For all the debate over growth, the county has kept a lid on all-out civil war by fashioning a system to balance competing interests at the project level and the macro level (especially on growth policy). That system involves abundant input from all sides, intense analysis of issues by planning staff and hearing examiners, avoidance of any appearance of impropriety and, above all, the impartial enforcement of lots and lots of rules. Stanley, a smart man in a hurry, cares nothing about any of this.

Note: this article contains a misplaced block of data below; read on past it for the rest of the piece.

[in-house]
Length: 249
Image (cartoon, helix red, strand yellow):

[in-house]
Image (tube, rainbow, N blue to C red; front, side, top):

Our sources are quick to elaborate. One spy says, “He’s a bull in a china shop. He has a get it done attitude (a good thing) and little patience for rules, regulations and process that get in his way (not such a good thing in this county). He has some great ideas but an even greater ego.” Another informant complains, “Most arrogant man on the planet. Has pulled projects from staff when they wouldn’t write it his way, and wrote reports himself. Told staffers not to attend meetings so they couldn’t be questioned, hates citizen groups and constructed Master Plan committees to minimize citizen input and maximize developer input. Convenes citizen groups to use them as paper dressing, then ignores their input… Views residents as obstacles to the planners’ efforts to build the perfect world which will resolve all our ills.”